China’s has a much celebrated policy of non-interference in the politics of the countries it invests in. North Korea is the prime example of the Asian Giant’s hands-off from internal politics, while Angola and Zimbabwe are the major African highlights. However, the country’s policy has come off stuck in South Sudan where its business interests have forced it to interfere in the new nation’s political crisis.

Shortly after the success of its communist revolution, China enumerated its five Principles of Peaceful Coexistence: mutual respect for sovereignty and territorial integrity, mutual non-aggression, non-interference in each other’s internal affairs, equality and mutual benefit, and peaceful coexistence. The most bandied of all was the principle of non-interference. It gave the governments of 3rd world countries, which China sought to reach out to, the confidence that the Asian superpower would not pokenose on internal sociopolitical affairs as did the West with its campaign of Human Rights and Democracy. For China it removed the worries of “whether to or not to” associating with unpopular regimes. The policy has been very good for chinese business, particularly in Africa where it has made the country the continent’s largest business partner.

But successful as the non-interference policy has been for China, analysts have long predicted that it would soon be put to a real test. Just as it has now happened in South Sudan. Today, China’s Foreign Ministry spokesman Hong Lei said his country was “gravely concerned” about the conflict in the country that gained its independence four years ago. The fighting, between government and rebel forces, has shattered the hopes of the South’s development after decades of struggle to leave the north, and wrecked profits for countries who had rushed to take advantage of the abundant resources. China is a major investor in the South’s oil industry. There are reportedly over 100 Chinese enterprises currently operating in the country with at least $10 billion worth of deals with the South Sudanese government.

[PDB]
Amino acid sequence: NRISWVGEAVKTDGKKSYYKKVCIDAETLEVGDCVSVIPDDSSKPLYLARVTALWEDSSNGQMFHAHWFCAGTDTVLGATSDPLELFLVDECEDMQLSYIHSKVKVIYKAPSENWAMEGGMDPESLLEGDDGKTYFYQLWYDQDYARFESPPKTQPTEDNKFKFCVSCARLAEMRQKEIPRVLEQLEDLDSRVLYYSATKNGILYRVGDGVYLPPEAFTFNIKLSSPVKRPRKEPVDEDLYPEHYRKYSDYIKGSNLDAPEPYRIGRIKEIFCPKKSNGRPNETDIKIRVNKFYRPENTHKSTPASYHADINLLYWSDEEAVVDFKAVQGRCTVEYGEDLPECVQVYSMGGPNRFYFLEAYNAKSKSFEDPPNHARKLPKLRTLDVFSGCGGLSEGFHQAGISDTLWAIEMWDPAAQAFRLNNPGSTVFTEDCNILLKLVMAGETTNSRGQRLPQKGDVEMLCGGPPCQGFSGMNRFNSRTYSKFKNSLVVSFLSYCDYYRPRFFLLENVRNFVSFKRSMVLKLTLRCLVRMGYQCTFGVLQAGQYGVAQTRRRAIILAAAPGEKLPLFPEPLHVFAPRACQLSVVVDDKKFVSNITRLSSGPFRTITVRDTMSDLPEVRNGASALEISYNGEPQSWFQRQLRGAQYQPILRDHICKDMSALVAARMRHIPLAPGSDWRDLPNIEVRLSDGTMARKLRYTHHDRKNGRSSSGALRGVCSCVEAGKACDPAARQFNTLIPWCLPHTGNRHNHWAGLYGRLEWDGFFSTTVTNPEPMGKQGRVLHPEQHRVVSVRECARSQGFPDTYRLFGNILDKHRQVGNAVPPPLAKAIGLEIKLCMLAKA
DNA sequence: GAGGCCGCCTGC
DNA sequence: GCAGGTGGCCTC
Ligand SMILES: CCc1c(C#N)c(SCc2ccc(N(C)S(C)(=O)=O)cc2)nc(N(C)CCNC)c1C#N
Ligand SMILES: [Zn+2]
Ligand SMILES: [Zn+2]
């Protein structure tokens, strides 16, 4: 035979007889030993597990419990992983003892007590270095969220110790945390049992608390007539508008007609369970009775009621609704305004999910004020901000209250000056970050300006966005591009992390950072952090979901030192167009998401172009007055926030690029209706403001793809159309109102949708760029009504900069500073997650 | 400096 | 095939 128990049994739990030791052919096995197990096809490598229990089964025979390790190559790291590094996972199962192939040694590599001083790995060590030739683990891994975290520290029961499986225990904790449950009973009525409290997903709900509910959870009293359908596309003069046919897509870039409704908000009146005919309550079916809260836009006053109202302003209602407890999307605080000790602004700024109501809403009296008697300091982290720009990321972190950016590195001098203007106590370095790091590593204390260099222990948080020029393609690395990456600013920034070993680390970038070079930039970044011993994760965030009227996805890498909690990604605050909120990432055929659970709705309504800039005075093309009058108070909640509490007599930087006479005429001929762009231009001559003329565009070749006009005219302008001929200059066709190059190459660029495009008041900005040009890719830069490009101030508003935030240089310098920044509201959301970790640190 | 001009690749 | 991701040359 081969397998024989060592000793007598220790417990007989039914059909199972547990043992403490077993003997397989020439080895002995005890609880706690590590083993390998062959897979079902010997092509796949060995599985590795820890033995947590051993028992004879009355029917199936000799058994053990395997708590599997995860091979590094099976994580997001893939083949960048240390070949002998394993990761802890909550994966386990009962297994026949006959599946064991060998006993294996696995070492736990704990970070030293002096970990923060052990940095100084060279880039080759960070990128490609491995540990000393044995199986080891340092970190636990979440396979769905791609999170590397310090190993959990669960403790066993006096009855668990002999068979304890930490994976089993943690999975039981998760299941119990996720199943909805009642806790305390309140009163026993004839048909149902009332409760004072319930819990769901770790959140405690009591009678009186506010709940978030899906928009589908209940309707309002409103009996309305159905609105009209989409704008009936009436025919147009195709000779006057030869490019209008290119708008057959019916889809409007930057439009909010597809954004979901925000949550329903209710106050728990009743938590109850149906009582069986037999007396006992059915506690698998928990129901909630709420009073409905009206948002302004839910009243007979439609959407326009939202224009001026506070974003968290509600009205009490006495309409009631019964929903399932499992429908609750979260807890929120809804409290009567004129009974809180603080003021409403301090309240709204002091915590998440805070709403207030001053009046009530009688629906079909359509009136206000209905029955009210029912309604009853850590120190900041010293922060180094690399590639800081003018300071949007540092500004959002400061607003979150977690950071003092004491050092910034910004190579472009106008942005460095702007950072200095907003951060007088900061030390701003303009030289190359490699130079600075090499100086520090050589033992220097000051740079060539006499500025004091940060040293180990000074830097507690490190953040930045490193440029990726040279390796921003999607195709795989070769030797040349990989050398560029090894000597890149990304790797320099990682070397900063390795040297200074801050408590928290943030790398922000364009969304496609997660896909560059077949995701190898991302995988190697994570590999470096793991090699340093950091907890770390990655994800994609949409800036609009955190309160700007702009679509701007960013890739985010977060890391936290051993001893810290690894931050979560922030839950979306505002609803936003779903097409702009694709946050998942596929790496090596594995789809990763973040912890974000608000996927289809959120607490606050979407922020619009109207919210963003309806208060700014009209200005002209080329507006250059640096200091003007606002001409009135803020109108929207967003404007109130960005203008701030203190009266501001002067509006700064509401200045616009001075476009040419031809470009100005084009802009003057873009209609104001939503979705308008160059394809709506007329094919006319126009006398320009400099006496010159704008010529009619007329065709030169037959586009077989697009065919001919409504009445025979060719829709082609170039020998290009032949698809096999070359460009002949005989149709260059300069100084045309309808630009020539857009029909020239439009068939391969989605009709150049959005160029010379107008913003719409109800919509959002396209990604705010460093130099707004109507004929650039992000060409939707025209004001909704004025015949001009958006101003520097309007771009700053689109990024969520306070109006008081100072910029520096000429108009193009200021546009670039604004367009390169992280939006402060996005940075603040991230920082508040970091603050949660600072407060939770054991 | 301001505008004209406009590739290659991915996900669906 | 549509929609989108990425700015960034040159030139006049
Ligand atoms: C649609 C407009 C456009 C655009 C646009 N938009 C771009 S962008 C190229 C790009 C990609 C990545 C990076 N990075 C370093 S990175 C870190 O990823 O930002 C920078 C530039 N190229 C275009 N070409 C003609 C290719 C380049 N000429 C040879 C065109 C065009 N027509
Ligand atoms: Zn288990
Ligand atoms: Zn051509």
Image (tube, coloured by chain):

It is no surprise then that China, against its normal practice, is playing a very active diplomatic role in South Sudan. In 2014 the country sent peacekeepers as part of a U.N. mission to protect civilians. However, some analysts have argued that the main focus of the chinese was its oil assets. “They basically said that they wanted to be where the oil is,” the International Business Times cited Foreign Policy’s quote of one official. The IBT added that “the publication also noted that eventually China agreed to send people into regions where it didn’t have oil interests.”

The Chinese Foreign Ministry, in its statement today, sounded its humanitarian concerns; “We call on the parties in South Sudan to use the fundamental and long-term interests of the people of South Sudan as a starting point, immediately stop military conflict to ensure the safety of South Sudan’s foreign workers and personnel working for the U.N., humanitarian and aid agencies.” But it could not also hide its business worries, as it pleaded with both sides of the conflict to protect the oilfields as it is “an important resource for the country’s development.”

China’s inability to stay of South Sudan’s political affairs ropes it in with Western countries who have long intervened in African politics to secure their economic interests. The Asian giant has already been accused of neo colonialism in Africa similar to that of Europe and North America. Some have titled its dealings in Africa as “a second scramble for Africa.” A 2007 article in UK tabloid the Telegraph reads; “With every day that passes, China’s economic tentacles extend deeper into Africa. While Europe sought direct political control, China is acquiring a vast and informal economic empire.” Now, with South Sudan, China seems to be going one further by seeking European-style political control.


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